How To Choose An Animal Hospital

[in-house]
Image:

pet health animal hospital staffThere are many different things to consider when you are choosing an animal hospital or veterinarian for your new pet.  Several aspects of the clinic are probably more important to you than others, as you can assume that as long as the clinic has a good reputation (look through Yelp and Google+ reviews or ask your friends) that they are going to be able to provide the basic veterinary services that are found at almost any clinic.  The most important aspect to consider for most people is the location and the distance to the hospital from your home.  The main reason that this is so important is that if the location is too far away, you will probably have more of a tendency to make fewer appointments as it is more difficult to arrange a convenient time.  Regular visits to the veterinarian for checkups, vaccinations, and treatments are crucial to the well-being and health of your pet, so choosing a hospital that is convenient to your home will probably allow you to arrange for more regular visitations.  Another important aspect to remember to ask when you are looking at veterinarians is the hours they keep, and what you should do if there is an emergency either after the hours they are open or if it is something they can handle.  Many veterinary clinics are limited in the scope of work they can handle in emergency situations when time is crucial, so finding out after you bring your emergency case into the location that they are not equipped to handle the situation is not the best thing to do.  When you are interviewing your potential new veterinarian, ask what hours they are open and where they suggest you go in case of an after-hours emergency.  Make a special note of the location they suggest, and keep the directions and hours of that location handy at all times.  Emergencies are stressful, and in an emergency situation, you need to be as prepared as possible.  Ask your veterinarian what they suggest in an emergency like if your dog was hit by a car.  Are they equipped to handle that situation during their office hours? Do they have a surgery center and a veterinarian on staff who can perform emergency surgery?  Ask them if you should bring your cat to them if the pet stops breathing, falls down, or has an allergic reaction.  Ask if they can handle emergency poisoning if your puppy eats fertilizer from your yard.  Ask if they are equipped to handle these situations at any time, or if they are simply to be considered only for non-emergency situations.